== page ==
A04: Stone Money Rewrite- alaska

Money, money, and more money.

To me money is so important. We as a society need it to get by in life but money has so much power over everything we do. From the earliest humans, we have always thought about ways to trade or pay people back. I have listened to the broadcast “The Invention of Money” and read the article “The Island of Stone Money” by Milton Friedman. Friedman says that The Island of Stone Money had no metal so they had to use stones. I thought that having a big stone to pay a person is kind of a ridiculous thing to do since you don’t move the stone if it’s too heavy. Everyone around you would know that you don’t have that stone anymore and it was someone else’s.

In the broadcast “The Invention of Money” the five reporters say that in the 1950’s a big limestone meant you can buy back a member that someone else has captive and trade that person for a stone. Saying you would get your member back while everyone knew the stone was not yours anymore. While a bank account is just numbers and the bank saying how much you have when the actual money isn’t there. A bank account means so much to people when its just numbers on a screen. To think a big limestone and a bank account are to mean the same thing but are so different from each other is crazy.

In The “The Invention Of ‘The Economy’” by Jacob Goldstein. Goldstein says that the GDP (Gross Domestic Product) is not a thing; it’s an idea. Also, That the U.S made the economy $500 billion dollars bigger just last year. The economy to me is just a big confusing thing.  The economy is huge and so many factors affect it. Whether it makes the economy better or worse. The Yap concept of money was way easier than it is today. They just had stones and you could trade them. The limestones were such a huge part of the Yap way of life. If it could not be moved it would stay where it is all the time, just with a different owner.

So, what is money? To society today it is just a number in your bank account and not actually in your pocket. Money is part of everyone’s life today. To all of us there are many different definition of what money is. Money is just used to purchase certain items and pay our bills. Money is a staple of life today.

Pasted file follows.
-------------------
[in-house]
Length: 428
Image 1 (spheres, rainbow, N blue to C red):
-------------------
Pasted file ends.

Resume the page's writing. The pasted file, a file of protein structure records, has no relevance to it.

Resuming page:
Works Cited

Friedman, Milton. “The Island of Stone Money.” Diss. Hoover Institution, Stanford University , 1991.

Goldstein, Jacob. “The Invention Of ‘The Economy’.” Npr.org, 28 Feb. 2014.

“The Invention of Stone Money.” 423: The Invention of Stone Money. This Is American Life, WBEZ. Chicago . 7 Jan. 2011.

One thought on “A04: Stone Money Rewrite- alaska”

  1. First of all, Alaska, this essay can’t possibly pass in its current state because is misses the minimum word count by almost 600 words. You’ll need a tightly-constructed 1000-word essay to pass. Considering the amount of source material you have to work with, that shouldn’t be a problem. Just work with all the ideas those sources have to offer.

    As you work on a significant rewrite, remove yourself from the essay, Alaska. Remove the reader also. The source material and the richness of the concepts it contains are the subject, not you, not them. We’ve discussed in class more than once the danger of addressing the reader directly as YOU. Eliminate all instances of YOU, YOUR, YOURS, YOURSELF, and YOURSELVES. Also eliminate I. Replace them with WE, OUR, OURS, OURSELVES.

    You’ve written just two paragraphs that qualify as academic essay writing, Alaska, and they need work. Your first and last paragraphs are just polite niceties, like saying hello and goodbye. Here’s a version of your Paragraph 1, converted to academic use:

    As long as we’ve been humans, we’ve needed some way to trade, first with cows and corn, later with coins that represented cows and corn. In “The Island of Stone Money,” Milton Friedman describes the Yap, who used huge stones as money since they lacked metal. The stones were too big to be moved easily, so they “changed hands” while staying in place.

    As you can see, I haven’t left anything essential out of this version, but when it’s reduced to its essence, the paragraph doesn’t make much sense. The transition from “we created coins to represent cows and corn” to “the Yap had stones too big to move” is so abrupt that it appears to come out of nowhere.

    Conduct the same exercise on your other paragraphs, Alaska. I’d be happy to work them over with you in person during a conference to further demonstrate and practice the skill. Or spend time with them yourself and put this essay back into Feedback Please when you have a new version for me to look at.


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